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Radio signals have a limitations due to distance and terrain. If two radios are far apart, or there is a mountain in the way, they will not be able to communicate. To alleviate this, radio repeaters are installed on mountaintops to repeat the signal from one radio to another, or group of others. This is a standard repeater site. The signal is received by the repeater from the originating radio and re-broadcast so the receiving radio(s) can receive the radio signal. A repeater site gives approximately a 50-mile radius of coverage. Trunk ed radio is a method of using a bank of channels (frequencies) to repeat for multiple "Talk Groups" or fleet of radios. Many Talk Groups can share the channels, without hearing each mother's conversation. A Passport system combines both of these technologies as a network of linked repeaters over a wide area that repeat the signal from several mountaintops simultaneously.
A Talk Group, or fleet of radios, has a "Home Site". The talk group information, which consists of the talk group and radio IDs of a fleet are stored in this site. When a user turns a radio on, it attempts to register on the Home Site based on the frequencies programmed in the radio. If the radio sees a signal from the home site, and the signal is of usable strength, it registers on the home site. If the radio cannot see the signal from the home site, it starts trying other programmed frequencies of other PassPort sites in the network. When the radio finds a site that has sufficient signal strength, it attempts to register as a "Roamer". The site that the radio is attempting to log on to queries the home site for permission to register the Roamer radio. If permission is granted, the radio is registered to the remote site. After that, any voice traffic from the Talk Group of the roamer is not only repeated at the Home Site, but also to the remote site which the radio is registered. When the Roamer roams to a different site, or back to its home site, the Talk Group voice traffic ceases to be repeated at the first site the roamer registered to. The radio monitors signal strength constantly and when the strength falls below a set threshold, the radio starts searching for a site with a stronger signal. If the radio finds a stronger signal, it attempts to register to that site.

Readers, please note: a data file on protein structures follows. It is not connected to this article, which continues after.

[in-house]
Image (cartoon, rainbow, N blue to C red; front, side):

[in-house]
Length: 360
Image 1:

Each PassPort Trunked radio site has 3 important channels:
- A "Home" channel that carries voice traffic for units that are homed at this site.
- A "Group" channel that carries voice traffic for units that are roaming to this site.
- A "Collect" channel that is used by roaming units to register with the site.
The local home channel and Seed List are programmed into the radio by the dealer. When a radio registers on a site, whether it is a home or roam site, it is also given an "almanac" of nearby neighbor site frequencies via DFA broadcast (direct frequency assignment) allowing radios the ability to Roam in large Systems bigger than the Seed List capability or when System Frequency/Channel changes have occurred without having to physically reprogram the Radio. When the currently registered site signal drops below a programmed RSSI (receive signal strength indication) threshold, it first searches the DFA almanac frequencies for a better signal. When it exhausts the almanac, it starts on a "seed list" which are frequencies of all or most sites in the PassPort Radio network.
There are currently no Radio scanners available that will track a PassPort system.